Culture wars overwhelm Minnesota schools with data requests
Public school districts in Minnesota are being inundated with data requests related to hot-button topics like critical race theory and COVID protocols, mostly from conservative groups.
- It's caused headaches for administrators and sparked a debate about freedom of information laws, according to our education news partner, The 74.
Why it matters: School districts told The 74 that fulfilling the requests is sucking up staff time and money, while freedom of information advocates worry that state lawmakers will use the requests to weaken open records laws.
What's happening: Owatonna Public Schools is working to fulfill a request that it says totals 2 million pages. The request came from United Patriots for Accountability and its Twin Cities law firm, the Upper Midwest Law Center — which has a mission of fighting critical race theory.
- Rochester School District says it will cost $900,000 to fulfill a request from Equality in Education — a conservative group — on a broad range of subjects, including critical race theory, equity and anything with "a sociological or cultural theme," per The 74.
- And Rosemount-Apple Valley-Eagan said it received a request that it originally estimated would take two years to fulfill. But after some narrowing of search terms, it says it can have it done by the end of the year.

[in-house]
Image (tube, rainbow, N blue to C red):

Between the lines: Minnesota law limits government agencies from passing along costs to those making the requests.
- Yes, but: The law has provisions intended to protect agencies from being overwhelmed with frivolous requests, Don Gemberling, spokesperson for the Minnesota Coalition on Government Information (MNCOGI), told the 74.
What they're saying: School districts are asking state lawmakers to allow them to recover costs for fulfilling the requests from the groups making the asks.
- Meanwhile, freedom of information advocates say shifting those costs would make it harder for people to know what their government is doing.
- "Particularly in times of public controversy — such as those we currently find ourselves in — public knowledge about government operations is paramount," MNCOGI wrote.
The other side: An attorney for the Upper Midwest Law Center defended the scope of an Equality in Education request in a November letter to the editor published in a Mankato paper.
- "If Owatonna were truly not teaching [critical race theory], and if there was no real concern that teachers within the district are doing so, the data request would have yielded few, if any, results."
- The Minneapolis-based law firm for Equality in Education, Mohrman, Kaardal & Erickson, didn't reply to The 74's request for comment.
What to watch: Debate and scrutiny over what's being taught in schools will only intensify as the election nears.
- Republicans, including here in Minnesota, see "parental rights" in education as a wedge issue that will drive voters to the polls in November.
Editor's note: This story has been corrected to note that Don Gemberling is a spokesperson for the Minnesota Coalition on Government Information, not the Minnesota Council on Government Information.
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